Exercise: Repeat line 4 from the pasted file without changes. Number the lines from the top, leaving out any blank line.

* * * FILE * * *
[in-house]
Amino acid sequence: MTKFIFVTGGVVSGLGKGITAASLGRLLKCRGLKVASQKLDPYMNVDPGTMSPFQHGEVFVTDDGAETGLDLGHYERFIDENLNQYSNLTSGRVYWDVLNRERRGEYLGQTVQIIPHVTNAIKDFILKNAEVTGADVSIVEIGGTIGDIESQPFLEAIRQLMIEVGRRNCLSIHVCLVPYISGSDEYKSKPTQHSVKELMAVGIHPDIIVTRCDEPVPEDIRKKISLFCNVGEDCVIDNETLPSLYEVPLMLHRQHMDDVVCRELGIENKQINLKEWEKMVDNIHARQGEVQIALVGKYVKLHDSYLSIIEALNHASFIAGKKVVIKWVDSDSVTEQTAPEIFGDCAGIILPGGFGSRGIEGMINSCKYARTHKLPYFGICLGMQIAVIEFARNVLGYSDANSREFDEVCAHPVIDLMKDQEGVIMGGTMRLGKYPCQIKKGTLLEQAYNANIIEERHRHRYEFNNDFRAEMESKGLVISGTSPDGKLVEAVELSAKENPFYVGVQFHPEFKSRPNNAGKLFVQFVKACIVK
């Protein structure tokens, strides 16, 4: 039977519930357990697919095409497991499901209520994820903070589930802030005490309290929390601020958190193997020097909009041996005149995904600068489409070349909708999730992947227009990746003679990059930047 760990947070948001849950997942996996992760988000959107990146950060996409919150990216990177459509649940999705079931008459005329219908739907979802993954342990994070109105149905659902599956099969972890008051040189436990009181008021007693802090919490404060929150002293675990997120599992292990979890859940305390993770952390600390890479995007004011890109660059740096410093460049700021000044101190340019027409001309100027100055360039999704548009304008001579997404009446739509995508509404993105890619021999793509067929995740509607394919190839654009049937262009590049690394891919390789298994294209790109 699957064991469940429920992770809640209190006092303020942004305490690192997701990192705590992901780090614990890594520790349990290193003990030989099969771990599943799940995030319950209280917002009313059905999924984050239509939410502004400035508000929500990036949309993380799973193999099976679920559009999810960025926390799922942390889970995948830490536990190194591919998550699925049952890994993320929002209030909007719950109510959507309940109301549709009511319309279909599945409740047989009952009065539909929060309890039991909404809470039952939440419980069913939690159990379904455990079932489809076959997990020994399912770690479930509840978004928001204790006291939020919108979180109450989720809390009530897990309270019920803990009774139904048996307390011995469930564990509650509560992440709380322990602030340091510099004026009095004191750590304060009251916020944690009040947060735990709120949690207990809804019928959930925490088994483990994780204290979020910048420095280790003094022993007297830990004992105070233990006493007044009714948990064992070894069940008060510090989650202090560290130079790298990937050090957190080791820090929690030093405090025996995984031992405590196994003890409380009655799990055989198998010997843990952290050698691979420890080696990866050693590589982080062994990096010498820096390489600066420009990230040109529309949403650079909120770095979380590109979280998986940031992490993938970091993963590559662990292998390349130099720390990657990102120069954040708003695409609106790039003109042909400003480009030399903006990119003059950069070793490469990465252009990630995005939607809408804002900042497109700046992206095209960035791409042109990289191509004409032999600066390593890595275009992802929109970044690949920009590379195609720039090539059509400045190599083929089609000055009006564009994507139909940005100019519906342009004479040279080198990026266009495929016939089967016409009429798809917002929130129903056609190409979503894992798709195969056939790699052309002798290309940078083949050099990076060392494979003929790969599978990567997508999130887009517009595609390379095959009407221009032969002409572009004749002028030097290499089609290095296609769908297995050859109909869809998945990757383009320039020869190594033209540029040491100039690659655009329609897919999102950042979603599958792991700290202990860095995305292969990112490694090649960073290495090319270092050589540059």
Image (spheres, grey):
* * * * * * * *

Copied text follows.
Image (spheres, grey):